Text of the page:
Some fish return to the reefs where they spawn. The idea is to maintain genetic distinction
new evidence suggests that larvae of fish that inhabit coral reefs do not get scattered and join other communities, as previously believed. They return to the reefs where they were born. Earlier, marine biologists believed that larvae got scattered by oceanic currents to other shores, settling and mating in other communities. This was assumed to result in mixing of the gene pool and widespread presence of genetically similar populations. Scientist term this an 'open system'. But the new findings could alter our understanding of fish population dynamics. They definitely have implications for protecting marine biodiversity and managing fisheries.
One group of researchers examined the dna of three geographically separated populations of the rabbit fish (Siganus fuscescenes), which lives close to the reefs. They found that each population had distinct genetic pattern. Although seasonal currents affect the outcome, they cannot take the larvae to suitable new habitats. This leaves very few individuals to inhabit new reefs.
This pattern of local 'closed systems' was confirmed by another study of bluehead wrasse, a reef fish. The study showed that a majority of the fish under observation had never ventured far from the reef where they had spawned. Another study on three species of mantis shrimps, carried out in the Indonesian waters, showed that in all the three species, individuals from specific regions shared distinctive genetic markings not found in other regions.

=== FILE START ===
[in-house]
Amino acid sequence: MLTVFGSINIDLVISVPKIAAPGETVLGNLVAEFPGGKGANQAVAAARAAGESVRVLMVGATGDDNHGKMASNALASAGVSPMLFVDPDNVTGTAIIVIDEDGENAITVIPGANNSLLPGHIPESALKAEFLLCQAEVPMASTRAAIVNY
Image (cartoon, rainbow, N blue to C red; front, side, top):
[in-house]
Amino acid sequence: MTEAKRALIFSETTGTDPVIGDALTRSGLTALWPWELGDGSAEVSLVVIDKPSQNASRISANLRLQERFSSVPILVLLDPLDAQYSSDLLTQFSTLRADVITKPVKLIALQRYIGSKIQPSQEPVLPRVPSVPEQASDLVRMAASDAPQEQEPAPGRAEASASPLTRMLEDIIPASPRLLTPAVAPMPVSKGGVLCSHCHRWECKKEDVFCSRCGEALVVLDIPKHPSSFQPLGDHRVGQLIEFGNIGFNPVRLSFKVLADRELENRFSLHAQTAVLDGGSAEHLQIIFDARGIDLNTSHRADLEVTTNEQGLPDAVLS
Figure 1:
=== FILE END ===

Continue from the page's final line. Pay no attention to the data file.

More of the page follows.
If reef fish do live in closed communities that help maintain their genetic distinctiveness, a different strategy maybe required for protecting them. Limited movement of the larvae will mean that one large protected population will not be able to protect the biodiversity of different regions. Instead, each region will require its own protected area. But experts say that there is a need to define the scale of the 'region' within which a school of fish remains bound.
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